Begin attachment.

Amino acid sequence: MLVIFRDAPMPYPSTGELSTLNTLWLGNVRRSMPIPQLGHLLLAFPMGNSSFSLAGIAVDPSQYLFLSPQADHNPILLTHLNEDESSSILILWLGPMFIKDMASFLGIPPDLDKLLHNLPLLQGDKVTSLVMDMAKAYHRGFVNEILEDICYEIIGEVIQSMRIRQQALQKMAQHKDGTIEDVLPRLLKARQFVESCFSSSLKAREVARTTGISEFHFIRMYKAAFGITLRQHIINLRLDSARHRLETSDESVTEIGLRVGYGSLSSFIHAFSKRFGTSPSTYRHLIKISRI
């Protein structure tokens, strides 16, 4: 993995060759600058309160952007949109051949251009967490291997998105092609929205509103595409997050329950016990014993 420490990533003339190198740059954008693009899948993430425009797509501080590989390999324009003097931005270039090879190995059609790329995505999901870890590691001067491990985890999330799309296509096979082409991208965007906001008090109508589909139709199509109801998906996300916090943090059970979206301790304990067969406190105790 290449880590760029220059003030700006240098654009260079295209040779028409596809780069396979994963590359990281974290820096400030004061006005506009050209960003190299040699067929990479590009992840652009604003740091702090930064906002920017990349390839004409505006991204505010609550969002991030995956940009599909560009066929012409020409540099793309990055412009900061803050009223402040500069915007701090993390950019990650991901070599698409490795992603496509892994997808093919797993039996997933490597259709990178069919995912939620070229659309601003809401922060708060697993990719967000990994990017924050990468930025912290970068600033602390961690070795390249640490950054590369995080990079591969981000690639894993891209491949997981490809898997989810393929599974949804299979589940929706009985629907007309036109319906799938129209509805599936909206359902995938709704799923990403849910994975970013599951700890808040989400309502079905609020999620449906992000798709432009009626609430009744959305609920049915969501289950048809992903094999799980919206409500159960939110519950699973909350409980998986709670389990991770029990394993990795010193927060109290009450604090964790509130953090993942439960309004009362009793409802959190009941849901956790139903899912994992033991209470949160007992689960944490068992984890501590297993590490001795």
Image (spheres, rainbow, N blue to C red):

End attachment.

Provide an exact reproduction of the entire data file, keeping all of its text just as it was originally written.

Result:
Amino acid sequence: MLVIFRDAPMPYPSTGELSTLNTLWLGNVRRSMPIPQLGHLLLAFPMGNSSFSLAGIAVDPSQYLFLSPQADHNPILLTHLNEDESSSILILWLGPMFIKDMASFLGIPPDLDKLLHNLPLLQGDKVTSLVMDMAKAYHRGFVNEILEDICYEIIGEVIQSMRIRQQALQKMAQHKDGTIEDVLPRLLKARQFVESCFSSSLKAREVARTTGISEFHFIRMYKAAFGITLRQHIINLRLDSARHRLETSDESVTEIGLRVGYGSLSSFIHAFSKRFGTSPSTYRHLIKISRI
């Protein structure tokens, strides 16, 4: 993995060759600058309160952007949109051949251009967490291997998105092609929205509103595409997050329950016990014993 420490990533003339190198740059954008693009899948993430425009797509501080590989390999324009003097931005270039090879190995059609790329995505999901870890590691001067491990985890999330799309296509096979082409991208965007906001008090109508589909139709199509109801998906996300916090943090059970979206301790304990067969406190105790 290449880590760029220059003030700006240098654009260079295209040779028409596809780069396979994963590359990281974290820096400030004061006005506009050209960003190299040699067929990479590009992840652009604003740091702090930064906002920017990349390839004409505006991204505010609550969002991030995956940009599909560009066929012409020409540099793309990055412009900061803050009223402040500069915007701090993390950019990650991901070599698409490795992603496509892994997808093919797993039996997933490597259709990178069919995912939620070229659309601003809401922060708060697993990719967000990994990017924050990468930025912290970068600033602390961690070795390249640490950054590369995080990079591969981000690639894993891209491949997981490809898997989810393929599974949804299979589940929706009985629907007309036109319906799938129209509805599936909206359902995938709704799923990403849910994975970013599951700890808040989400309502079905609020999620449906992000798709432009009626609430009744959305609920049915969501289950048809992903094999799980919206409500159960939110519950699973909350409980998986709670389990991770029990394993990795010193927060109290009450604090964790509130953090993942439960309004009362009793409802959190009941849901956790139903899912994992033991209470949160007992689960944490068992984890501590297993590490001795």
Image (spheres, rainbow, N blue to C red):